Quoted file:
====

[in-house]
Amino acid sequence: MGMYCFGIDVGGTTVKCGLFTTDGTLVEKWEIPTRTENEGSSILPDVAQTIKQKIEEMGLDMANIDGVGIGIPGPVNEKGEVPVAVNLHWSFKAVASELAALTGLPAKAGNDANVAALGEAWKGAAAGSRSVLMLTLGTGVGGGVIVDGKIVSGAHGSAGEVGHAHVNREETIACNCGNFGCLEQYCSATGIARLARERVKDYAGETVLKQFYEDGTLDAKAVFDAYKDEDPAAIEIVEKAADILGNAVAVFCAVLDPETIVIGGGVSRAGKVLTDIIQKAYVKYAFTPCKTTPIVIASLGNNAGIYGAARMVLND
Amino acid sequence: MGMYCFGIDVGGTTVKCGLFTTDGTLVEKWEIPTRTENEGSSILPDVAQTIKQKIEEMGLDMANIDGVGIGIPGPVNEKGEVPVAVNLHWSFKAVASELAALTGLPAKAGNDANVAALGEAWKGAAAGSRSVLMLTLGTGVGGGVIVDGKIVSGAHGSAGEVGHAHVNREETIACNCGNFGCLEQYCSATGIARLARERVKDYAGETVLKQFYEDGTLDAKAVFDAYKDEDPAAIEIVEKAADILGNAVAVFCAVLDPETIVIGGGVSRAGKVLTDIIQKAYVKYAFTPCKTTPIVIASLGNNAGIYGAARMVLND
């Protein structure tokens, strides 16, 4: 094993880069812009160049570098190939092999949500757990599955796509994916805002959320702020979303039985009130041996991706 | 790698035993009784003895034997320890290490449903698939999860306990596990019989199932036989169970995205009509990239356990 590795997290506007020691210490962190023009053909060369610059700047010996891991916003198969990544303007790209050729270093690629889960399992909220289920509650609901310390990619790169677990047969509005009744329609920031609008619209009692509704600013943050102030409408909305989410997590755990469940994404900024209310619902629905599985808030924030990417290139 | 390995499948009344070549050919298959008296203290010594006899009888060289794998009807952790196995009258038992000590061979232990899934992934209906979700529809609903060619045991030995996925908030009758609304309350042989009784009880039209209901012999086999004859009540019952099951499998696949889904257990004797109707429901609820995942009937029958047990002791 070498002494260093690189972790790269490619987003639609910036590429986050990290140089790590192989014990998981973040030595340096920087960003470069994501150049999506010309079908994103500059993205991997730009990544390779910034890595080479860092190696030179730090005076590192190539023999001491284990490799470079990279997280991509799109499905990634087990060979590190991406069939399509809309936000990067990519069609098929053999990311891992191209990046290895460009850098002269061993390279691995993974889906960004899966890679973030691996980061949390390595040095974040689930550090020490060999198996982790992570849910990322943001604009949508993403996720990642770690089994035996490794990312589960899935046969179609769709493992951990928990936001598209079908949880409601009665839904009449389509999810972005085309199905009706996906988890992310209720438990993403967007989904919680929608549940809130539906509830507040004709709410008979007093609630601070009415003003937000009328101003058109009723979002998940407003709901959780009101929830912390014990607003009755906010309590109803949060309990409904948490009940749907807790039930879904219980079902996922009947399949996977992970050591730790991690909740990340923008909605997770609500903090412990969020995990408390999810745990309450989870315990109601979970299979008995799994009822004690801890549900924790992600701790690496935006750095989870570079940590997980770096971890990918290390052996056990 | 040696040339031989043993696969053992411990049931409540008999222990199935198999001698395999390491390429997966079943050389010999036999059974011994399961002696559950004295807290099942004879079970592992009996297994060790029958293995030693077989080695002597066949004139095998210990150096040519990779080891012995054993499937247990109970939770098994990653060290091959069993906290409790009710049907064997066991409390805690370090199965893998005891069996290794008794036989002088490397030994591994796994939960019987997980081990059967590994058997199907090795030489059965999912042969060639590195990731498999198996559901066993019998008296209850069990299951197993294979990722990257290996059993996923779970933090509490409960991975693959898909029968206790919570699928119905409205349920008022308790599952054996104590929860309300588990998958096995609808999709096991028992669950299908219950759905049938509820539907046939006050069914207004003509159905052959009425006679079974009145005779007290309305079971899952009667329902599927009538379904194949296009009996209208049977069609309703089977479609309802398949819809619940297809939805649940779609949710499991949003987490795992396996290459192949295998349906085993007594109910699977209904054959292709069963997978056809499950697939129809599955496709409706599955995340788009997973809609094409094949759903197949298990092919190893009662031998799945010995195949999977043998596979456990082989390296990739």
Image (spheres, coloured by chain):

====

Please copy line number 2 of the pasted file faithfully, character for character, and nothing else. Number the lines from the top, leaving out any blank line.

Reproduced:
Amino acid sequence: MGMYCFGIDVGGTTVKCGLFTTDGTLVEKWEIPTRTENEGSSILPDVAQTIKQKIEEMGLDMANIDGVGIGIPGPVNEKGEVPVAVNLHWSFKAVASELAALTGLPAKAGNDANVAALGEAWKGAAAGSRSVLMLTLGTGVGGGVIVDGKIVSGAHGSAGEVGHAHVNREETIACNCGNFGCLEQYCSATGIARLARERVKDYAGETVLKQFYEDGTLDAKAVFDAYKDEDPAAIEIVEKAADILGNAVAVFCAVLDPETIVIGGGVSRAGKVLTDIIQKAYVKYAFTPCKTTPIVIASLGNNAGIYGAARMVLND